Air New Zealand completed the test flight of its 50:50 blend of a jatropha-derived synthetic paraffinic kerosene and conventional Jet A1 fuel (named NZ-J50) in an Air New Zealand Boeing 747-400 on Tuesday. (Earlier post.) The two-hour test flight took off from Auckland airport on Tuesday morning, with the jatropha-derived biofuel blend powering one of the four Rolls-Royce RB211 engines.
The two-hour test flight profile included:
Take off. Full powered take off. Throttles will be advanced slowly, establish at three-quarter power and then to full power.
Climb. Climb to 25,000 feet. At an altitude of 20,000-25,000 feet, the main fuel pump for engine one was switched off. This tested the lubricosity of the fuel, ensuring that the friction of the fuel does not slow down its flow to the engine.
Cruise. Cruise at 35,000 feet. The auto-throttle was switched off and the crew manually set all engine controls, so that the Engine Pressure Ratios (EPRs) had identical readings.
Deceleration/acceleration. The crew controlled the fuel pressure to manage the rate of change of engine.
Descent. Engine one was shut down at 26,000 feet with a windmilling restart at 300 knots. Another engine shutdown took place again at 18,000 feet, this time with a starter-assisted relight at 220 knots.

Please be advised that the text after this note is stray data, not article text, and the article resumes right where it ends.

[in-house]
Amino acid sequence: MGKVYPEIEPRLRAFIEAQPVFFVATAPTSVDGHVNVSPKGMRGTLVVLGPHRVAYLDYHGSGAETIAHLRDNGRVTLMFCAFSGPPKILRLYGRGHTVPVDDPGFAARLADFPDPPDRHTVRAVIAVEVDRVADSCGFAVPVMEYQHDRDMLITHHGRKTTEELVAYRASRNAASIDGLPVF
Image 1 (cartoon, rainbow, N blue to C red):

Simulated approach and go around. When the aircraft was at 11,000 feet, the autopilot was programmed to land on a runway that “located” at 8,000 feet and undertook a missed approach. This was to test the performance of the fuel under maximum thrust.
Landing. The flight was completed with a normal landing, including the use of reverse thrust. The aircraft will then taxi back to the hardstand, stop all engines and restart engine one by itself.
|Test flight profile. Click to enlarge.|
The synthetic paraffinic kerosene was produced by UOP from jatropha oil feedstock.
The Sustainable Aviation Fuel Users Group, launched in September 2008, has chartered a peer- reviewed, independent life cycle and socio-economic sustainability research report of the NZ-J50 fuel, which is expected to be completed in September 2009.